In the current climate, it is always interesting to think back to a time when comic-book films did not exist. To imagine a time whereby “young buck” Stallone was considered for the role of Superman seems a ridiculous notion – but, fresh off ‘Best Picture’ Oscar winner Rocky, it didn’t seem a bad idea in 1978. The infamous production of Superman was also one of the first productions filmed ‘back-to-back’ with it’s sequel – the vast majority of the sequel was in the can before the first film had even been released. But the job turned into a nightmare for director Richard Donner as producers took a gamble and ceased production on the sequel midway through, to focus on the origin-story of the Man of Steel.
This is a film whereby the lead characters Father and foe were billed above the title – and above the lead actor himself. “Marlon Brando. Gene Hackman. Superman.” – oh, and of course a young-chump called Christopher Reeve. In this modern age whereby we are told about scriptwriters and directors years in advance – with paparazzi photos of actors on set – this would be a film that would’ve been destroyed before even the first trailer arrived. That world didn’t exist yet and so the success jettisoned a sequel, using the majority of footage from Donner’s shooting, but replacing him with a different director.
Where is Christopher Reeve?
The film begins by almost fifty-minutes of origin. On the planet Krypton, Jor-El (Marlon Brando) and members of the planets government sentence three criminals, including General Zod, to exile, placing them on a sheet of glass and catapulting them into space. Following this, Jor-El reveals to the council – and us – the inevitable extinction of Krypton and he ensures that his son is sent to Earth to survive. Two Smallville residents, Jonathan (Glenn Ford) and Martha Kent (Phyllis Thaxter) find the boy and raise him as their own. Almost fifty minutes in and, without any clear explanation, Clark Kent – following the death of his father and training inside a Mini-Krypton/Fortress of Solitude – is now in Metropolis (aka, New York City). He works at The Daily Plant, alongside Lois Lane (Margot Kidder) and boss Perry Mason (Jackie Cooper). We see Superman, in full gear, saving the day in Metropolis leading to a time-travel manouvre to save the day for his love Lois Lane.
It is 156 minutes long and it is broken in a clear three-act structure. Krypton to Metropolis to California. As we watch the film, it seems epic in scale but something seems amiss. Despite what you may believe is a simple structure, there are many stories that are weaved into the epic length of the film – General Zod at the start is introduced and then disappears only to be seen again in Superman II (an original ending saw Zod destroying Earth – which apparently appears in the Richard Donner cut). The death of Jonathan Kent is a catalyst for Superman to train at the Fortress of Solitude, but seems to bear no clear purpose outside of that. Considering the plot can be summarised in one paragraph without anything noting the arch-enemy of Superman only serves to clarify how redundant he is – and he’s not alone either as Luthor (Hackman) has a bumbling sidekick (Ned Beatty) and bimbo-squeeze (Valerie Perrine). What ensures the film exciting, engaging and enjoyable is one actor alone: Christopher Reeve.
A God among Men
He is iconic in the role and is the sole reason the series managed to spawn a further three sequels. Christopher Reeve is a towering man and manages to balance the two contrasting characters of Clark Kent and Superman effortlessly. In fact, watching the film, you constantly ask whether Lois would see through his “disguise” – I honestly don’t know. The entire persona is completely different – his posture changes; his speech-pattern is adjusted.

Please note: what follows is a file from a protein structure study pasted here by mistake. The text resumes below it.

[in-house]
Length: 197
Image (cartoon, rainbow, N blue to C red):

His performance alone is what holds this film high – and it is a testament to actors across the world. You could argue that the role is what made Christopher Reeve – I would disagree; it is Christopher Reeve that defined the role of Superman and fulfilled it so successfully. Many films have failed considerably due to weak lead actors – the original Captian America is the first which comes to mind. Superman on the other hand holds an actor that, even now, women swoon over and can only compare him to Jon Hamm. Even then, Jon Hamm is shorter so isn’t “as perfect” as Christopher Reeve.
Suffice to say, it seems critics in 1978 equally held Christopher Reeve in high regard. Pauline Kael opened her own review praising his talents before destroying the film as a whole – highlighting the lack of reality in the film. Why would Lois Lane be so against an attraction to Clark Kent in the seventies? In a world whereby Woody Allen and his awkward stumbles and grumbles seemed to become a perfect New Yorker – Clark Kent could surely be a lot worse. Kael, of course, is much more eloquent with her words by weaving in the use of-images in Pop Art, comic-strip style filmmaking by Jean Luc Godard and the inevitable saviour-parrallel.
But it remains clear that Superman was ahead of its time, managing to set-up what was clearly hoped to be a series akin to James Bond (definitive theme tune, easy-to-reproduce opening credits, repeatable finale as Superman winks to camera, etc) but instead, bogged down in production-problems, the series seems to have fallen at the first hurdle. I can only imagine the future of the series if the plan was stuck to – two films that worked as a duo; a cliffhanger-ending that would go down in the history books. If it worked, I’m sure we would be watching films in the same canon today – and I’ll bet that was why Bryan Singer wanted to create a film that didn’t ignore the series completely. But Christopher Reeve remains – immortalised on screen for us to watch again and again.